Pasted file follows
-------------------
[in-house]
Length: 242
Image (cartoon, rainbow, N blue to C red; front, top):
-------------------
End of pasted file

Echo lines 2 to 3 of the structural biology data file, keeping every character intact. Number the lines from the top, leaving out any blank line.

Length: 242
Image (cartoon, rainbow, N blue to C red; front, top):